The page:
Research by scientists at the University of Bath (UK) is challenging claims that nanoparticles in medicated and cosmetic creams are able to transport and deliver active ingredients deep inside the skin.
Christopher S.J. Campbell, L. Rodrigo Contreras-Rojas, M. Begoña Delgado-Charro, Richard H. Guy: Objective assessment of nanoparticle disposition in mammalian skin after topical exposure, In: Journal of Controlled Release, Volume 162, Issue 1, August 20, 2012, Pages 201-207, DOI:10.1016/j.jconrel.2012.06.024: http://dx.doi.org/10.1016/j.jconrel.2012.06.024
EPFL’s Institute of Microengineering (CH) presented in Frankfurt “hybrid” photovoltaic cells with an energy conversion efficiency of 21.4%, the highest obtained for the type of substrate they used. This breakthrough will contribute to lower the cost of solar cell based installations.
The PVlab specializes in thin film solar cells and has been interested for several years in “hybrid” technologies, better known as heterojunction technologies, designed to enhance solar captors’ performance. “We apply an infinitesimal layer – one hundredth of a micron – of amorphous silicon on both sides of a crystalline silicon wafer,” explains Christophe Ballif. This “sandwich” conception contributes to increase the sensors’ effectiveness. To bring these innovations to a stage of industrialization may only take a few years. This research was partly financed as a commission for Roth & Rau Switzerland, whose parent company, Meyer Burger, has already started the commercialization of machines built for assembling this type of heterojunction sensors.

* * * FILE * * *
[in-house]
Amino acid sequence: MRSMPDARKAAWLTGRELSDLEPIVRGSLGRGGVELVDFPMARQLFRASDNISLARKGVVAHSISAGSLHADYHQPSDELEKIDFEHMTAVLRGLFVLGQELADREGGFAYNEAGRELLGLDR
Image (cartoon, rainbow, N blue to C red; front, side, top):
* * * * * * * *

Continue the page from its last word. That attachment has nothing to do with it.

“Within three to five years, we expect to reach a production cost of 100 francs per square meter of sensors, estimates Stefaan DeWolf. In Switzerland, with the conversion efficiency achieved, such a surface will be able to produce between 200 and 300 kWh of electricity per year.”
A. Descoeudres, Z.C. Holman, L. Barraud, S. Morel, S. De Wolf, C. Ballif: >21% Efficient Silicon Heterojunction Solar Cells on n- and p-Type Wafers Compared, In: IEEE Journal of Photovoltaics, Early Access Articles, August 08, 2012, DOI:10.1109/JPHOTOV.2012.2209407: http://dx.doi.org/10.1109/JPHOTOV.2012.2209407
A collaborative consortium hopes to build the world’s first fully functioning nano-electro-mechanical (NEM) relay-based processor targeting an energy efficiency that cannot be matched by transistor implementations thanks to a EUR2.44 million (USD3.14 m) grant by the European Commission.
The NEMIAC project (Nano-Electro-Mechanical Integration and Computation) will investigate this new technology to build digital integrated circuits for ultra-low power computing applications. The NEMIAC-consortium is led by IBM in Zurich, the other industrial partner is STMicroelectronics. Academic partners are the Royal Institute of Technology (KTH) Sweden, University of Bristol UK, École Polytechnique Fédérale De Lausanne (EPFL) Switzerland, and Lancaster University UK.